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Exhibition Echoes of the Great War: American Experiences of World War I

W. E. B. Du Bois to the NAACP, January 12, 1919. NAACP Papers, Manuscript Division, Library of Congress (175.00.00, 175.00.01)
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W. E. B. Du Bois to the NAACP, January 12, 1919. NAACP Papers, Manuscript Division, Library of Congress (175.00.00, 175.00.01)
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W. E. B. Du Bois to the NAACP, January 12, 1919. NAACP Papers, Manuscript Division, Library of Congress (175.00.00, 175.00.01)
Enlarge
W. E. B. Du Bois to the NAACP, January 12, 1919. NAACP Papers, Manuscript Division, Library of Congress (175.00.00, 175.00.01)
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W. E. B. Du Bois to the NAACP, January 12, 1919. NAACP Papers, Manuscript Division, Library of Congress (175.00.00, 175.00.01)
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"A Session of the Pan-African Congress, Paris, February 19–22, 1919" in The Crisis, A Record of the Darker Races. [Reprint] NY: Arno Press, 1969. General Collections, Library of Congress (174.01.00)
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W. E. B. Du Bois to the NAACP, Bulletin #3, January 1919. “My programme is this. . . . I am to meet colored French deputies soon to plan for a Pan-African Conference in Paris during the Peace Conference.” NAACP Papers, Manuscript Division, Library of Congress (175.01.00)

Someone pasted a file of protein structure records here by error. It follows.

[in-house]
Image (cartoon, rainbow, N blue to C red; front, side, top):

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The Pan African Conference

During the war, the interaction of African colonial troops and black American soldiers helped to establish a distinct strain of pan-African politics. NAACP co-founder and civil rights leader W. E. B. Du Bois and Senegalese official Blaise Diagne organized the Pan African Conference of 1919. Held over three days in February, it brought together fifty-seven delegates from Africa, the West Indies, and the United States and helped to create a foundation for the development of black internationalism that contributed to African and Asian independence movements in the decades that followed World War I.

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